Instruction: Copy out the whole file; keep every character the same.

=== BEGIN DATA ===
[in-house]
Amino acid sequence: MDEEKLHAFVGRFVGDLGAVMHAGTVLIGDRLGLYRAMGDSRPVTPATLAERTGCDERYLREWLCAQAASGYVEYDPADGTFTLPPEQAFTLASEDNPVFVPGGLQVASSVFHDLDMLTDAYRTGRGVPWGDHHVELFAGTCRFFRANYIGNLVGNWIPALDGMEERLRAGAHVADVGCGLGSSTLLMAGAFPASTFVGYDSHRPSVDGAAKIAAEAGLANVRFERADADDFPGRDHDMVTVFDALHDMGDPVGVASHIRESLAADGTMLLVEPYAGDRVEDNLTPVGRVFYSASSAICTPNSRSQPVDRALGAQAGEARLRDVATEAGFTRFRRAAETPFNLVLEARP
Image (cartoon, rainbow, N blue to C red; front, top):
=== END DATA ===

[in-house]
Amino acid sequence: MDEEKLHAFVGRFVGDLGAVMHAGTVLIGDRLGLYRAMGDSRPVTPATLAERTGCDERYLREWLCAQAASGYVEYDPADGTFTLPPEQAFTLASEDNPVFVPGGLQVASSVFHDLDMLTDAYRTGRGVPWGDHHVELFAGTCRFFRANYIGNLVGNWIPALDGMEERLRAGAHVADVGCGLGSSTLLMAGAFPASTFVGYDSHRPSVDGAAKIAAEAGLANVRFERADADDFPGRDHDMVTVFDALHDMGDPVGVASHIRESLAADGTMLLVEPYAGDRVEDNLTPVGRVFYSASSAICTPNSRSQPVDRALGAQAGEARLRDVATEAGFTRFRRAAETPFNLVLEARP
Image (cartoon, rainbow, N blue to C red; front, top):